Pay and Benefits for members of Congress

Let’s put the misinformation to bed once and for all (maybe). Members of Congress do not receive their pay for life. And if they do receive a pension, it typically does not exceed 45% of salary, often considerably less.

You may not be happy with Congress, but for the responsibility we place on its members and the risky nature of the job, they are not overpaid.


Members elected since 1984 are covered by the Federal Employees’ Retirement System (FERS). Those elected prior to 1984 were covered by the Civil Service Retirement System (CSRS). In 1984 all members were given the option of remaining with CSRS or switching to FERS.

As it is for all other federal employees, congressional retirement is funded through taxes and the participants’ contributions. Members of Congress under FERS contribute 1.3 percent of their salary into the FERS retirement plan and pay 6.2 percent of their salary in Social Security taxes.

Members of Congress become eligible to receive a pension at the age of 62 if they have completed a total of 5 years of service. Members who have completed a total of 20 years of service are eligible for a pension at age 50, are at any age after completing a total of 25 years of service.

No matter their age when they retire, the amount of the members’ pension is based on their total years of service and the average of their highest three years of salary. By law, the starting amount of a Member’s retirement annuity may not exceed 80% of his or her final salary.

Can They Really Retire After Only One Term?

Those mass emails also claim that members of Congress can get a pension equal to their full salaries after serving only one term. That one is partly true but mostly false.

Under the current law, which requires at least 5 years of service, members of the House of Representatives would not be eligible to collect pensions of any amount after serving only one term, since they come up for reelection every two years.

On the other hand, U.S, Senators — who serve six-year terms — would be eligible to collect pensions after completing only one full term.

In neither case, however, would the pensions be equal to the member’s full salary.

While it is highly unlikely and has never happened, it is possible for a longtime member of Congress whose pension began at or near 80% of his or her final salary could — after many years of accepted annual cost-of-living adjustments — see his or her pension rise to equal his or her final salary.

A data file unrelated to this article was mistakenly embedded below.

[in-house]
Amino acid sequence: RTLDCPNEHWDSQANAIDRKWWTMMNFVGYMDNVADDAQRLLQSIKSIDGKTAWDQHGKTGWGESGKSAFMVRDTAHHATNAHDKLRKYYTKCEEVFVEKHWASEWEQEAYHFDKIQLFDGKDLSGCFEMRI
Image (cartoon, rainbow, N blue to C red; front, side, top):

Average Annual Pensions

According to the Congressional Research Service, there were 611 retired members of Congress receiving federal pensions based fully or in part on their congressional service as of October 1, 2016. Of this number, 335 had retired under CSRS and were receiving an average annual pension of $74,028. A total of 276 Members had retired with service under FERS and were receiving an average annual pension of $41,076 in 2016.Source: Salaries and Benefits of US Congress Members



  1. Who really cares about congressional pensions, that’s just a distraction. The real money kicks in when they leave congress and become lobbyists. Goodbye Capitol Hill and hello K Street.


  2. Two items worthy of mention:
    Well, this caught my attention; “after many years of accepted annual cost-of-living adjustments — see his or her pension rise to equal his or her final salary”. OUR company does NOT have annual COL increases in the pension plan.
    Second, those with a negative net worth may very well have transferred assets to a trust or other another family member(s) to give a middle-class appearance. I do not buy the investment ‘cluelessness’ argument.


    1. Never going to happen with a COLA and even if it did it would take many years. Trusts have to be reported on disclosure form too.


  3. You wrote ‘You may not be happy with Congress, for the responsibility we place in its members and the risky nature of the job, they are not overpaid’.

    While that is true, if any of them were working in private in industry every one of them would have been fired based on the performance we’ve seen in Washington, DC for the last 10 years.


  4. Also since 1984, members of Congress pay the same Medicare payroll taxes and must meet the same eligibility required to collect Medicare with the exception of while in office. While in office they can buy into the Office of the Attending Physician Services plan very, very, cheaply and Medicare becomes their secondary insurance if over 65 while serving. They also can pay into a federal thrift savings plan, a 401(k)-like investment. So in theory, unless they were elected very young, they all are faced with mostly the same type of retirement decisions as other Americans that have access to these type of benefits. Their pre and post retirement income is so much higher than those Americans who depended on just social security and therefore are often accused of being out of touch. I believe that unless they arrived at congress rich and had financial advisers, that they are just as ignorant as most Americans until they are ready to retire and that they do not have a clue about their benefits or income streams. I also believe because of this, when writing laws, they listen to the lobbyists not knowing what is best.


    1. Look at their financial disclosure statements and you will see about a third have a negative net worth and are heavily in debt mostly with mortgages and other loans. Many are clueless in their investments and yet we put them in control of our financial security.


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